In the Frame: Innovative Irish Animation
From the sea shanty tales of Song of the Sea to the beautifully drawn Celtic mythology of The Secret of Kells, Irish illustrators and cartoonists are at the forefront of a new wave of storytelling for children and adults.
Alongside the rollout of Lighthouse Studios, a new venture from Kilkenny-based Cartoon Saloon and Canadian animation powerhouse Mercury Filmworks, it seems a hot trend is on the rise - one that celebrates animation in Ireland as an industry that is not only promising, it’s prospering.
With just 70 full-time animation positions in Ireland a mere 10 years ago - a number that has since grown to more than 1500 - it seems the proof is in the production houses.
Cartoon Saloon are a two-time Academy Award and BAFTA nominated animation studio, founded in 1999 by filmmakers Paul Young, Tomm Moore and Nora Twomey.
Best known for their 2015 animated film Song of the Sea, which won widespread critical acclaim and a spot on the Academy Awards shortlist, it was actually their first feature film, the outstanding The Secret of Kells, that first put the group on the map, pulling in an Oscar nomination in 2010 and drawing the attention of the international animation industry.
From winning shorts to feature films and beloved children’s series like Skunk Fu and the worldwide-broadcast Puffin Rock, the group have spent the past 18 years telling stories on screen, and are presently finishing up work on a new movie with Angelina Jolie's Jolie Pas Productions entitled The Breadwinner.
Founded in 1994 by Cathal Gaffney and Darragh O’Connell, Brown Bag Films, one of the most original and successful animation studios in Ireland, have been in business for 22 years, during which time they’ve become known internationally as a cutting-edge, creative-led studio with a habit of racking up awards for their work.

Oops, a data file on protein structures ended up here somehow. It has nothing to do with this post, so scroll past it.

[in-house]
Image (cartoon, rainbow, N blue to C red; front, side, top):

One of the most technically advanced studios in the world, with full animation, picture and audio post-production facilities in-house, Brown Bag also boasts a rake of nominations, including Oscar nods for Give Up Yer Aul Sins (2002) and Granny O’Grimm’s Sleeping Beauty (2010), six Emmy awards for Peter Rabbit (2014), and a host of BAFTA, Emmy and Annie nominations for their hit shows Octonauts, Doc McStuffins, Bing and Henry Hugglemonster.
The success of these big kahunas of Irish animation has inspired a new generation of animation professionals to set up shop, and today there are more than 20 lending their creative skills to film, television and web projects around the world.
Boutique production houses such as Ink and Light and the up-and-coming Treehouse Republic, as well as prize-winners such as Pink Kong, Kavaleer, and Boulder Media (to name just a few) are also drawing global attention for their work. The Irish passion for storytelling through pictures and words has created a unique culture perfectly suited for world-class animation studios to thrive upon.